By “Angry” Dr. Rob
Though I am annoyed and frustrated as I write this article, please don’t discount the content as the article draws on research and the principles are sound.
Likewise, though I was outraged at the extreme behavior of these two parents, please know that I don’t pretend to be a perfect parent myself – far from it.
That said, I am a bit angry!
Screaming “Little League” Mom
Last week I attended my 12-year-old son’s baseball game. Like his father, this child adores the game of baseball and generally has a good time win or lose.
On this particular evening, the starting catcher was out of town. The young man who was catching didn’t have as much experience, so he missed a few balls and made a few errant throws. Honestly, this child’s performance wasn’t much different than most of the other boys on the team.
However, I quickly started to feel awful for this young catcher – but not because of his baseball skills. Rather, after every mistake there would be a harsh and loud criticism from a woman in the crowd (presumably his mother):
“DON’T DROP THE BALL!”
“THROW THE BALL BACK TO THE PITCHER!”
“QUIT MAKING MISTAKES!”
Look, I’m no rocket scientist, but I’m going to guess that this child wasn’t trying to perform poorly in front of his family and peers (for full effect, read the prior sentence with dripping sarcasm).
Like me you might be thinking, I wonder if her son even enjoys playing baseball anymore. Honestly, I don’t know how he could (especially when mom is present). I left that game incredibly frustrated about what that obnoxious parent was doing to her child’s development. Ahhhhhhhh!!!!!
Four Days Later
Fast forward to Saturday and I was then watching my 8-year-old son play in a soccer game. Please note that I said 8-year-old son (not my 28-year-old son playing for the World Cup Championship game).
This time the “obnoxiousness” came from a dad on the other team. I don’t believe I am exaggerating to state that he yelled at every young child on that team. I had never witnessed such an incredibly competitive (and poorly behaved) spectator at a children’s soccer game. I honestly couldn’t believe it. I felt so badly for those children (especially whichever one was his).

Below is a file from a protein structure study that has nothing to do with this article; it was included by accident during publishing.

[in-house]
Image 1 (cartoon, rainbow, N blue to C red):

You Are Better Than That (Literally)
While these two instances frustrated and saddened me, I gratefully acknowledge that most parents aren’t that destructive to the psyche and self-esteem of children.
Most of you are about as opposite as you can possibly be from the parents I described above. I suspect that if you are the kind of person who reads marriage and parenting articles, you are likely an intentional and engaged parent (not a perfect parent…none of us are, but one who is diligently striving to build your children and give them the best opportunity to succeed in life). Keep it up!
But, even for those of us striving to be mindful and intentional parents, is it possible that we too may be guilty of over-criticizing our children?
The Most Common Parenting Mistake
Dr. Kenneth Parish (Ph.D. and a therapist of 30+ years) noted that the most common parenting problem that he has observed through his work with children and families is that parents are too critical of their children. In his article entitled The Harmfulness of Criticism, Dr. Parish noted that much of our criticism is well-intentioned. “We criticize because we are anxious about our child’s future. We want her to improve, and eventually succeed in a competitive world. We think of our criticism as constructive, or not as criticism at all, but rather as instruction and advice…”
Yep, I’m guilty of thinking that way sometimes. How about you?
3 Reasons Why Criticism Can Be Harmful
First, according to Dr. Parish, “when frequent criticism persists, all other efforts to improve our family relationships are likely to fail.”
Second, for those with teenage children, neuroscientists from Harvard, Cal-Berkeley, and Pittsburgh recently shared research findings that suggested that adolescent brains simply “shut down” when being criticized by a parent.
Third, additional research also noted that children’s self-esteem can plummet when parents are overly critical.
Obviously, none of us want these negative outcomes. So what can we do?
The Antidote to Criticism
At the conclusion of Dr. Parish’s article, he noted the following: “There is no better antidote for frequent criticism and argument, and no better way to help children bounce back from the common frustrations and disappointments of childhood than patient and respectful listening.”
So, there it is!
The challenge for you and for me is to take the time to truly listen and empathize with our children. But, as you strive to patiently listen to your children, don’t forget to also include some patience for yourself too. We may all inadvertently slip back into “critical parent” mode from time to time!
Becoming consistently patient and respectful listeners may not come easily for all of us (especially when we are stressed or busy), but it is absolutely worth the effort!